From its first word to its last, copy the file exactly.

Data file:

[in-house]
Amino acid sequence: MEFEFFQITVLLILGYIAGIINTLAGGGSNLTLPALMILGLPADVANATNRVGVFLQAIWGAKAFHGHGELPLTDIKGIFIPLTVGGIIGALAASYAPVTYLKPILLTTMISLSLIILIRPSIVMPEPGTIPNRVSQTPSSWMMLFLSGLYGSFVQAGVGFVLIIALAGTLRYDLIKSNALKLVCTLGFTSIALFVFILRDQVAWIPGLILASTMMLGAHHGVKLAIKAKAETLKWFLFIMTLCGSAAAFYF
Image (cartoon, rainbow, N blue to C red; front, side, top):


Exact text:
[in-house]
Amino acid sequence: MEFEFFQITVLLILGYIAGIINTLAGGGSNLTLPALMILGLPADVANATNRVGVFLQAIWGAKAFHGHGELPLTDIKGIFIPLTVGGIIGALAASYAPVTYLKPILLTTMISLSLIILIRPSIVMPEPGTIPNRVSQTPSSWMMLFLSGLYGSFVQAGVGFVLIIALAGTLRYDLIKSNALKLVCTLGFTSIALFVFILRDQVAWIPGLILASTMMLGAHHGVKLAIKAKAETLKWFLFIMTLCGSAAAFYF
Image (cartoon, rainbow, N blue to C red; front, side, top):